Born Albert King Nelson on April 25, 1923 in Indianola, Mississippi (also the hometown of BB King), King grew up, like many musicians of his time, performing in his family’s gospel group at church. At age eight, King and his family moved to Forrest City, Arkansas, where he picked cotton and switched his focus from gospel to the blues around him. He also started learning how to play the guitar, influenced by the likes of T-Bone Walker and Blind Lemon Jefferson. He first played a diddley bow, then a cigar box guitar he made himself until finally buying his first guitar for a whopping price of $1.25.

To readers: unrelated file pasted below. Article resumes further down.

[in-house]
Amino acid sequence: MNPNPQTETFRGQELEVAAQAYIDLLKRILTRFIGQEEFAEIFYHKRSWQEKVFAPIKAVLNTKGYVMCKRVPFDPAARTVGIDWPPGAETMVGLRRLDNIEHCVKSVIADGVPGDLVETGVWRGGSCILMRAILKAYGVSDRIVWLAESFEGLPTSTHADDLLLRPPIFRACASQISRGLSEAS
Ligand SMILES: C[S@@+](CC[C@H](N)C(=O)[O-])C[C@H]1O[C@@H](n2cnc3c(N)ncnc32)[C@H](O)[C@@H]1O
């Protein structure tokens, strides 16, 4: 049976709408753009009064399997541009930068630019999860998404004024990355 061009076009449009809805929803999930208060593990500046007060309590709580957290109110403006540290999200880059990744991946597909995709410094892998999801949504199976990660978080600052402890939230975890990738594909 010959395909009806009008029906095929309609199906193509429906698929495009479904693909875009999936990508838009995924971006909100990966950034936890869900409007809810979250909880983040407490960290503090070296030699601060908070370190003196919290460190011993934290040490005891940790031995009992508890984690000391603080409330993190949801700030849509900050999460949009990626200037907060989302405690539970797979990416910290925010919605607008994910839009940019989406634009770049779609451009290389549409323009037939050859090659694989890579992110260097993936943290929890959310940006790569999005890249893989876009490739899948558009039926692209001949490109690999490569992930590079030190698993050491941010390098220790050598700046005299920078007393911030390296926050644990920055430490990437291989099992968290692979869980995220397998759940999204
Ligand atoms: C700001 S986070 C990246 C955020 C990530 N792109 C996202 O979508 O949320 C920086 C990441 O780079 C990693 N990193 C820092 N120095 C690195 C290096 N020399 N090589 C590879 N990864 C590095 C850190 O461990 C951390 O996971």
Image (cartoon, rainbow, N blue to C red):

King signed onto his first professional music gig in the late 1940s, when he joined a band named In the Groove Boys in Osceola, Arkansas, performing at night at the T-99 Club, which was a regular stop for famed bluesmen of the time. From Osceola, King moved around during the 1950s with stops in Gary, Indiana, St. Louis and Chicago, at times working as a drummer on stage and recording for Jimmy Reed. In St. Louis in 1959, King formed a new band and had his first minor hit, “I’m a Lonely Man,” written by future Stax labelmate Little Milton Campbell for the Bobbin Records label.